March 31, 2013 7:30pm, 9:30 and 11:30am
St. Margaret Parish, Bel Air
When I was in high school, I remember reading the play Our Town.
Our Town was written by the American playwright Thornton Wilder and it was required reading in our English class. The setting is a small town called Grovers Corners in New Hampshire in the 1930s.
The final act of the play is especially moving. The narrator walks through the town cemetery and tells the story of each person who is buried there.
When the narrator finishes all the stories, he walks to the front of the stage and looks directly at the audience. He pauses and then says this.
“Now there are some things we all know. We all know that something is eternal, and it ain’t the earth, and it ain’t the stars…
“Everybody knows in their bones that something is eternal, and that something has to do with human beings. There’s something way down deep that’s eternal about every human being.
“They’re waitin’. They’re waitin’ for something that they feel is comin’.
“Something important, and great. Aren’t they waitin’ for the eternal part in them to come out clear?”
The Eternal -- Resurrection
Well, the narrator in Our Town makes quite a point.
Deep down in our heart, something tells us that this life is not all there is. Deep down in our heart, something tells us that there is life beyond this earth.
Our Scripture readings this evening confirm this intuition of our hearts. Easter tells us that there is a resurrected life with God.
Signals of Transcendence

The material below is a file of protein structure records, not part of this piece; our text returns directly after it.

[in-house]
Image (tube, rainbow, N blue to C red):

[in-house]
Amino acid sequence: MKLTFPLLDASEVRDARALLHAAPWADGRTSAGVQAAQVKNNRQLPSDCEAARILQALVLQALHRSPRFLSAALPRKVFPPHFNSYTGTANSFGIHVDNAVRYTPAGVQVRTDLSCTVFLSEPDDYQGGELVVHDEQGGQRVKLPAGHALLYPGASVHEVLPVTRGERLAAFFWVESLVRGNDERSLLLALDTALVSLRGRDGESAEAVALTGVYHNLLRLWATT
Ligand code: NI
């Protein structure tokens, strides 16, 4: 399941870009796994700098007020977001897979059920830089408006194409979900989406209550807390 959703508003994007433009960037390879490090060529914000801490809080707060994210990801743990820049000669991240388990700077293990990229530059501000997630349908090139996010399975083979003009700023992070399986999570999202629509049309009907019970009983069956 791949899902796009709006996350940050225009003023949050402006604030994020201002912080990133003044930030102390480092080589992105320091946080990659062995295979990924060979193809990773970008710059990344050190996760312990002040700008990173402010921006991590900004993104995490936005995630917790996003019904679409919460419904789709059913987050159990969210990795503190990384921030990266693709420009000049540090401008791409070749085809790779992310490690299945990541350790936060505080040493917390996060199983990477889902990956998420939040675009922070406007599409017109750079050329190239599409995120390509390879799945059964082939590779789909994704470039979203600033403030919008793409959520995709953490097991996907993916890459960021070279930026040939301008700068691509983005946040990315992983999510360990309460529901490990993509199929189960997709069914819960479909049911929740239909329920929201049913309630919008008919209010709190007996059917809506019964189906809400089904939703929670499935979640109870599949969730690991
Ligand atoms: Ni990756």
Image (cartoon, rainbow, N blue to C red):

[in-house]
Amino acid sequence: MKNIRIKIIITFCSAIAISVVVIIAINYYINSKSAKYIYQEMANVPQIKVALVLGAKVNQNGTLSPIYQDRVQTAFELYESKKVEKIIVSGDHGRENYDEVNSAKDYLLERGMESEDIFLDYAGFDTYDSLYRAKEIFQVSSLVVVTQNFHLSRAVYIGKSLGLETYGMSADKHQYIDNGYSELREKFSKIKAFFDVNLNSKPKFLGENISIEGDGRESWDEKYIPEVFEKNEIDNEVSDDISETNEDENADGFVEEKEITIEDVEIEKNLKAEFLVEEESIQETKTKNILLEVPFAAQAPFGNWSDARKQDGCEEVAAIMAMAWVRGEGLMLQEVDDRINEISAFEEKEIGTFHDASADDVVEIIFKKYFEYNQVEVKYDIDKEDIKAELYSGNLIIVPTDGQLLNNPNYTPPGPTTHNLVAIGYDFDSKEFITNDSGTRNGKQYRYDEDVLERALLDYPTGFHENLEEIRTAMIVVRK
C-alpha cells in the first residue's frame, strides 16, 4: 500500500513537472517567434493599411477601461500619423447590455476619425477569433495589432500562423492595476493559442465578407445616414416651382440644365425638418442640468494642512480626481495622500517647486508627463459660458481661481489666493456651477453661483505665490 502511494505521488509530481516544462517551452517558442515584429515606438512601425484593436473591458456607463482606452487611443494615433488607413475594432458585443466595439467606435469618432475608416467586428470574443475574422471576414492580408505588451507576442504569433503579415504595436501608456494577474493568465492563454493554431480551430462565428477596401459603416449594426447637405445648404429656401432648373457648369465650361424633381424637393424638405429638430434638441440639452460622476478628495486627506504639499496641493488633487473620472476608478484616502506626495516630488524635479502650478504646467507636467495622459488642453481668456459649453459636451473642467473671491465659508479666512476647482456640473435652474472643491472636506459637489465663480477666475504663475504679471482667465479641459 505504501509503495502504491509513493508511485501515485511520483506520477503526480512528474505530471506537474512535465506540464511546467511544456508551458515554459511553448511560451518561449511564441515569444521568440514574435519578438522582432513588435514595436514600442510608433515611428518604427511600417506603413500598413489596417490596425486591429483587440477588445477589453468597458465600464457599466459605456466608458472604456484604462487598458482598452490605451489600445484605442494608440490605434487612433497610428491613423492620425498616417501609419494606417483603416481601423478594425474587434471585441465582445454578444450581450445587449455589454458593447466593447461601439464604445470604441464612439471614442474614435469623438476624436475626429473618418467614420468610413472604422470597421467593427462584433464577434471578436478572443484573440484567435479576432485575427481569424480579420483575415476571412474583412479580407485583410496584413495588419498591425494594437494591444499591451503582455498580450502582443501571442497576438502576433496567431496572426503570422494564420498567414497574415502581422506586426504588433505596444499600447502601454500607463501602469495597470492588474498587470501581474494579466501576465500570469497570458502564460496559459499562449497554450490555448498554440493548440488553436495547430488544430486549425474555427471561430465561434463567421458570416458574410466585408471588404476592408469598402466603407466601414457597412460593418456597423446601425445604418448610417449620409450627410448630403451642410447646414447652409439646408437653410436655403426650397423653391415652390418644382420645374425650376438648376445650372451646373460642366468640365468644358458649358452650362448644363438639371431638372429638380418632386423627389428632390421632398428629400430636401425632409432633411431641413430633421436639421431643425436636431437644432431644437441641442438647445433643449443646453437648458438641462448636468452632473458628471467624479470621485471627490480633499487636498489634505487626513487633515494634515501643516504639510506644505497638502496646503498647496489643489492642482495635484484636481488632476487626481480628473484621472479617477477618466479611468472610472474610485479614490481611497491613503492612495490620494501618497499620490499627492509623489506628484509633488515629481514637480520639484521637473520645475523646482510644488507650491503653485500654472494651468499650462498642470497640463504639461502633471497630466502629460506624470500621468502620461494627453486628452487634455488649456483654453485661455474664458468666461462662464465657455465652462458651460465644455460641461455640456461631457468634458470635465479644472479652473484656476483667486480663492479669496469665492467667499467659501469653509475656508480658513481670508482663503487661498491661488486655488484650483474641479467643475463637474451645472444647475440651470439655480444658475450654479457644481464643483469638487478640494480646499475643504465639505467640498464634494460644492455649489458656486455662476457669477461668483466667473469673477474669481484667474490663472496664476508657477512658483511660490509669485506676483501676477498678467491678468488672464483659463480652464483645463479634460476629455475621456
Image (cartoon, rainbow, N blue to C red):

Some theologians say that our life experiences give us hints of this and they call these hints “signals of transcendence.”
Maybe we have never heard this expression before. In truth, it’s one of those lofty sounding expressions that has a very simple meaning.
A signal of transcendence is something in this life that puts us in touch with something beyond this life. It is something like the sound on my cell phone.
When the sound goes off and I hit answer, I can talk with the person calling me. The sound puts me in touch with the other person.
Well, a signal of transcendence is something in this life that tells us that there is a life beyond. It can be something right inside us, or something outside us that connects us with something beyond.
For example, I hope we all have some degree and even a high degree of happiness. We might have loving family and friends, a good job, and a comfortable lifestyle.
And yet, even with all of this, isn’t it true that we still hunger for more and find ourselves saying if only we had this or if only he would be like that or if only we could do whatever? Even our experience of happiness leaves us hungering for something more.
I imagine many of us have had the experience of seeing a newborn baby or of noticing the stars on a dark night or of being mesmerized by the power and rhythm of the ocean. These experiences can touch us deeply.
And don’t we sometimes find ourselves caught up in them to the point of wonder – wonder at what lies behind and beyond them? These experiences can leave us wondering.
And then there is simply this yearning within us for life. We want to live and we resist the thought that life may end with physical death.
Don’t we have to ask: where does this yearning come from? Where does our desire for life and living and for more and more of it come from?
I see these experiences as signals of transcendence.
They point to something beyond this life and tell us we are made for another world. And today Easter confirms our intuition and experience.
The risen Christ tells us that death is only a passage to another life. He tells us that there is a resurrected life with God that will finally satisfy the deepest hunger and wildest wonder and most persistent desire in our human spirit.